Poll: Do Front-Yard Vegetable Gardens Offend You?

72SHARES

By: , SparkPeople Blogger
7/25/2012 6:00 AM   :  515 comments   :  37,717 Views

A married couple in Montreal wanted to improve their health, so they planted a vegetable garden (picture at left is a stock photo, not their garden). By growing their own cucumbers, tomatoes, zucchini, beets, onions and Brussels sprouts (among other fare), homeowners Michel Beauchamp and Josee Landry lost 75 and 25 pounds, respectively, and have improved their diet and their health.
 
Now, according to CBC News (link includes photos of their garden), the couple is fighting to keep their garden, facing fines between $100 and $300 per day if they don't pull up their vegetables. Why?
 
Because their vegetable garden is in their front yard. Neighbors complained, and now the city is planning to outlaw the growing of vegetables in front yards.
 
This isn't the first story of its kind. Last year, the story of a woman in Michigan who faced 93 days in jail for planting vegetables on her front lawn garnered national attention.
 
This has led me to wonder: Would you be offended if vegetables replaced your neighbor's front lawn?
 
I can relate to the homeowners in these stories—to an extent. The 0.10-acre lot on which my home sits is tiny. The backyard is completely shaded by large trees that are hundreds of years old—not to mention, my front yard is actually larger than my backyard and gets all the sun.  I wanted to grow my own vegetables for health, financial and environmental reasons, so I really had no choice but to plant them where I had the space: in front of my house (and some on the side, too). It is within city limits, but not subject to any HOA rules. Although I was nervous that neighbors might not like it, I ultimately made the decision based on what was right for me. Most neighbors I've since spoken to about the garden are enthusiastic and supportive of it. They aren't bothered. Some didn't even notice the plants I was growing were vegetables. Others thought it was a great idea.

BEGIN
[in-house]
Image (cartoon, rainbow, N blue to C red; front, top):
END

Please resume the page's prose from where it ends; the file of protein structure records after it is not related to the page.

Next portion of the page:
Vegetable seedlings in my front-yard garden
 
Had they complained, I'm not sure how I would have reacted. I keep a nice, tidy house and a neat lawn and garden (to the best of my ability anyway). Had the authorities ever gotten involved, I probably would want to fight against it just on principle. In my opinion, it's my right to grow whatever vegetation I choose to on my lawn—or not. I've long held the belief that grass is just a waste of space and resources. Sure, it's pretty, but when so many people are struggling financially, struggling to eat right, struggling with poor health, and struggling with soaring costs at the pump and the grocery store, why not put that space to better use and grow whatever you can on the space you have available? A packet of seeds costs a couple bucks and can easily provide more than enough filling, healthy produce for a family that otherwise might not be able to buy fresh produce at a store. And if you're into the local food movement or want to buy organic foods but can't afford them, it doesn't get more local (or organic) than planting your own seeds at home.


Seedlings and potted plants in my side-yard veggie garden